So much of the academic writing about these films centers on their verite qualities and their value as ‘documentary’—I figured that if I had these hundreds of hours of documentary footage at my disposal, then I should be able to reconstruct a day in the life and see what that might look like reflected through the fantasy that these films frequently indulge in. Editing took about four or five months, and I toyed around with it a bunch in the months following that first screening. So I’d say nearly a year altogether.
48 HILLS What were your parameters, including historical, for what you would and would not use?
EVAN PURCHELL I only used titles that were shot on film and—with two small exceptions—played theatrically. Most of the films are hardcore, but a few are soft and one or two are more pure documentary than anything else. The reasoning behind this was a bit purist, but also practical. Once the adult industry started moving to video production, a lot of the exterior and non-sex footage that my film is built around went away.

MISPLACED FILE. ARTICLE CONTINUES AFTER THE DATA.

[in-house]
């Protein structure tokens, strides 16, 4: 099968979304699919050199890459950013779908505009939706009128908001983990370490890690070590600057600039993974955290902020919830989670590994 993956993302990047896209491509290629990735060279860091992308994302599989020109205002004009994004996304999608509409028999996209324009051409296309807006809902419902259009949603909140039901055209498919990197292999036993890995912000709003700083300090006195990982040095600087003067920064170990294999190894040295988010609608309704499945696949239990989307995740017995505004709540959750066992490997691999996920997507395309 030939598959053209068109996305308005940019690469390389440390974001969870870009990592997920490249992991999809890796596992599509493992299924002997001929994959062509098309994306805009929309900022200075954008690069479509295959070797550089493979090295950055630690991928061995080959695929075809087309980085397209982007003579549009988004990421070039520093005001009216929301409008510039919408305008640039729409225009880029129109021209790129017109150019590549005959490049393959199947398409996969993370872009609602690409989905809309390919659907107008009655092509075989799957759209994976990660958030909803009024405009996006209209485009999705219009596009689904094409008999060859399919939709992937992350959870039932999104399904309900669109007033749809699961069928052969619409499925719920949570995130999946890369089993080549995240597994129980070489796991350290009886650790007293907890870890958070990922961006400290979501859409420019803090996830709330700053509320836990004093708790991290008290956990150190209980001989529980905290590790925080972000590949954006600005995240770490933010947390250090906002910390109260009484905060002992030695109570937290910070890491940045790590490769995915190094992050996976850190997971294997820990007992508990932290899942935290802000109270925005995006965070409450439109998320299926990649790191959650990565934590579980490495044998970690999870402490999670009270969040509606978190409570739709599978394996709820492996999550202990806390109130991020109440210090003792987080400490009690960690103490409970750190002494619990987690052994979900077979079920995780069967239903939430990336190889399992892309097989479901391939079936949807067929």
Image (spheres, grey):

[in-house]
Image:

48 HILLS In what ways does the archival work you do on the Instagram account Ask Any Buddy inform or differ from Ask Any Buddy the film?
EVAN PURCHELL The Instagram feed is focused on looking at the ways these films were advertised and their roles in helping to develop a mass gay social and media culture. That latter point informs what I was trying to do with the film—to show how these films simultaneously documented and projected fantasies onto these real spaces and aspects of so-called ‘gay life.’
48 HILLS Both of the accounts you have on Instagram are so thoroughly archival, and even from your Twitter accounts I’ve gotten a sense of you doing deep research. When were you drawn to it, and do you have a huge collection?